By Lourdes Velasco
Lviv, Ukraine, Apr 27 (EFE).- There is a hospital in Lviv where the bed sheets are printed with pictures of bears, boats and colorful characters to entertain the young victims of Russia’s invasion who have come to receive treatment.
Two of those patients are brothers Sasha and Ivan, who dream of returning to their home city of Kherson to rebuild their home with their father.
For the moment, a dream it remains.
The youngsters escaped the city, a gateway to the Black Sea just north of Crimea, a territory annexed by Russia in 2014, on the second day of Russia’s invasion.
Weeks after leaving their home, the family got into a car crash. Their grandfather died in the accident while their mother is slowly recovering at an intensive care unit at a separate hospital.
Sasha and Ivan have spent nearly a month at the children’s clinical hospital in Lviv, the unofficial capital of western Ukraine.
At least 350 children fleeing Russia’s war have passed through the hospital for treatment in recent weeks.
The hospital said some of its young patients have been injured in shelling. Others have preexisting health conditions for which they received treatment before the invasion began.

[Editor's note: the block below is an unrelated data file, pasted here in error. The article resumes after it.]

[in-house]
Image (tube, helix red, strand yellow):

The Ukrainian government this week said 213 children had been killed and 389 injured since Russia launched its invasion in late February.
The children’s clinical hospital in Lviv is the largest of its kind in western Ukraine and has treated injured children from across the country, including a child wounded by the Russian attack on the Kramatorsk train station in the country’s east.
Ivan, 11, and Sasha, 7, are from southern Ukraine. On the first day of Russia’s invasion, they heard bombs above their house in Kherson, which is now under the control of Moscow’s invading forces.
Ivan told Efe that he wants to go home immediately. His grandmother said he will have to wait until the war is over.
On the second day of the invasion, Ivan’s family fled Kherson, leaving the children’s father and all of their belongings at home.
They arrived in Lviv, near the Polish border, where they stayed with family.
Five weeks later, on March 31, Ivan and Sasha’s grandfather suffered a heart attack while driving. The family car veered into a van. Ivan, Sasha and their mother were severely injured, while the children’s grandfather died from the heart attack.
Khrystyna Bogatyrova, a psychologist at the clinic, told Efe that Ivan’s mood improves when he calls his father, who is fighting on the front lines.
Ivan has two phones by his bedside, one of which belongs to him and the other to his mother, which he keeps in his sight as it is the only thing of hers he has close to him.
Bogatyrova added that the psychological effects of war vary in the children admitted to the hospital.
“If their parents aren’t dead and they are close to them, healthy children need just a few days or weeks to get the sound of bombing out of their minds and return them to daily life. The images come back in their dreams,” she said.